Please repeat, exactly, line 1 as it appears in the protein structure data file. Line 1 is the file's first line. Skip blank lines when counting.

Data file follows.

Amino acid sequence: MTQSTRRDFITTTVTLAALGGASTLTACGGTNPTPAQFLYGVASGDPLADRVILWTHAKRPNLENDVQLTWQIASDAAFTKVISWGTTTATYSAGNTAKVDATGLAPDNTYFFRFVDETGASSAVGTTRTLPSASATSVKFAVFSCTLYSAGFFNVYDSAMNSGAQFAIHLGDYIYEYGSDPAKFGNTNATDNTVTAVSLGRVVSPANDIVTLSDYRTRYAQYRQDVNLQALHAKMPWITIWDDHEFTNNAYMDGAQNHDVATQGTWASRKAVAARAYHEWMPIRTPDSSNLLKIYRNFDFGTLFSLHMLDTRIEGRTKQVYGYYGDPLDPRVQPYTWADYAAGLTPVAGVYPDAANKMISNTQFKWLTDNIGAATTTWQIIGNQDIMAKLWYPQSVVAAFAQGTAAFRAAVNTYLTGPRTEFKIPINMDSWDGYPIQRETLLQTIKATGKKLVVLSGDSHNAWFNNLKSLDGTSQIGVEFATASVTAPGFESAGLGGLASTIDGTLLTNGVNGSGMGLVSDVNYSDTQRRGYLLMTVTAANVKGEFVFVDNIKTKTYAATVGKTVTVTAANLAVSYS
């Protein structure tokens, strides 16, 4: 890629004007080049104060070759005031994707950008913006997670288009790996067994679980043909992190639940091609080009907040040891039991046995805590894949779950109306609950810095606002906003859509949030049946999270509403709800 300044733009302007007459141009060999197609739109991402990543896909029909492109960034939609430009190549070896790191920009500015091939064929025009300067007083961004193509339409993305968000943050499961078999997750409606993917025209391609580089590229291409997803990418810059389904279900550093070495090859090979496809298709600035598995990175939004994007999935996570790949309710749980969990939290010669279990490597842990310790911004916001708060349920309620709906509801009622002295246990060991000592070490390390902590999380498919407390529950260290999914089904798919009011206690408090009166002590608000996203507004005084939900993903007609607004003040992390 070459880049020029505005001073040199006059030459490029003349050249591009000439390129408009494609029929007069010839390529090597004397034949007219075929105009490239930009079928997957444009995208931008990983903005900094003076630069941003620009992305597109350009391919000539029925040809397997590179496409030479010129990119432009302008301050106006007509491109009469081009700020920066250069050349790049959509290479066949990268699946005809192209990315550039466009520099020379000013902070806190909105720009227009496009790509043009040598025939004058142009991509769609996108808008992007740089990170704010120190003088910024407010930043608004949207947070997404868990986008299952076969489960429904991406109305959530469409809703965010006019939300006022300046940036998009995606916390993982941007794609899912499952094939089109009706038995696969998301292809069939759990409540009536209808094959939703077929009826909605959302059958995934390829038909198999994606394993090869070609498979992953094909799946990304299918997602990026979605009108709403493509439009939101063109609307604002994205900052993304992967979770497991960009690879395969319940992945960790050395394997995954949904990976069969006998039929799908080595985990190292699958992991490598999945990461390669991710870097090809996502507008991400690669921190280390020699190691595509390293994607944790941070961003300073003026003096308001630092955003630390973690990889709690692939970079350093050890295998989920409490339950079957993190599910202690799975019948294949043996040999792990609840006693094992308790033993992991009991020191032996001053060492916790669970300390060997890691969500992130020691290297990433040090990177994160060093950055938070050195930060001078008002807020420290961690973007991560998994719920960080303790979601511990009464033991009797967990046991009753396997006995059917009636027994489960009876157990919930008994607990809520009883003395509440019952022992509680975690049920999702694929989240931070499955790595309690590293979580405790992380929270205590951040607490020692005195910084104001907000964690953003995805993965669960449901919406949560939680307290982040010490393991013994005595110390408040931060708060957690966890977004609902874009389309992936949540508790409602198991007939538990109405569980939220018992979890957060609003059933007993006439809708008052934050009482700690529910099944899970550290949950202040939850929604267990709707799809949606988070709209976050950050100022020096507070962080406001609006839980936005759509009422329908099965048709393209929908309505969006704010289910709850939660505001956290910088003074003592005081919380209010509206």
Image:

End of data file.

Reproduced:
Amino acid sequence: MTQSTRRDFITTTVTLAALGGASTLTACGGTNPTPAQFLYGVASGDPLADRVILWTHAKRPNLENDVQLTWQIASDAAFTKVISWGTTTATYSAGNTAKVDATGLAPDNTYFFRFVDETGASSAVGTTRTLPSASATSVKFAVFSCTLYSAGFFNVYDSAMNSGAQFAIHLGDYIYEYGSDPAKFGNTNATDNTVTAVSLGRVVSPANDIVTLSDYRTRYAQYRQDVNLQALHAKMPWITIWDDHEFTNNAYMDGAQNHDVATQGTWASRKAVAARAYHEWMPIRTPDSSNLLKIYRNFDFGTLFSLHMLDTRIEGRTKQVYGYYGDPLDPRVQPYTWADYAAGLTPVAGVYPDAANKMISNTQFKWLTDNIGAATTTWQIIGNQDIMAKLWYPQSVVAAFAQGTAAFRAAVNTYLTGPRTEFKIPINMDSWDGYPIQRETLLQTIKATGKKLVVLSGDSHNAWFNNLKSLDGTSQIGVEFATASVTAPGFESAGLGGLASTIDGTLLTNGVNGSGMGLVSDVNYSDTQRRGYLLMTVTAANVKGEFVFVDNIKTKTYAATVGKTVTVTAANLAVSYS